By gifting I mean all the matches he usually loose by laziness, mental weakness or God knows why, and are a lot, all his career is constellated by matches lost that should have won and more at high level than in little tournaments, ask Nadal or Djokovic for reference, sometimes he has even lost in an tragically horrible way, a match like 2008 French Open final is a shame for the sport, was like an exhibition with the number 500 for Nadal. He has lost the 2015 U.S. Open final despite having 23 break points, something unbelievable, in Rome was able to lose a final against Felix Mantilla, a player that is remember (by who remember him) only for this match (and he's not the only one), I think we could write a book on matches that Federer had lost, for this reason I say that player with his talent and Ferrer's attitude would have won the double of what he really has.
The guy has played 1,460 matches at professional level. Of course there's going to be some unfortunate losses. The US Open final you are referring to is of course especially frustrating but I don't think anybody was thinking he was the favourite going into that (did he even break once in that match?).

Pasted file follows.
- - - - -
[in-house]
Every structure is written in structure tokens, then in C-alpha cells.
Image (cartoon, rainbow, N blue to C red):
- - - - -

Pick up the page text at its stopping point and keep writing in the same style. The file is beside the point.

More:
Yes, some losses are natural, everyone has bad days but I think that for a player of his talent are way too much.

In 2015 he wasn't considered favourite only because of age, his level in that U.S. Open (and also in Wimbledon) was incredible and looked better than Djokovic, if I recall correctly he didn't loose a set until the final in both tournaments and walked on the opponents playing also two masterpiece semifinals against strong players like Wawrinka and Murray, but in the finals he was levels below his previous rounds performances.
2015 Federer's level is probably underrated because he hasn't won anything big but was the best Federer seen after 2012, I've never understood why he parted ways with Edberg after that year.
 
Re:

tobydawq said:
How can you care that much about doubles? I don't imagine the endurance aspect plays a particularly big role in doubles anyway.
I'm mainly talking abou the singles final being Bo3. 7 years ago every round except the final was Bo3 with a no tiebreak deciding set with the final being Bo5, then they added deciding set tiebreaks and now they're scrapping the final format. Somehow great formats keep getting ***. Davis Cup was a great thing and then they ruined it completely.